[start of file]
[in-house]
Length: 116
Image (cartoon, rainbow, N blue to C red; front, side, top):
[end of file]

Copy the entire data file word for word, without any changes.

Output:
[in-house]
Length: 116
Image (cartoon, rainbow, N blue to C red; front, side, top):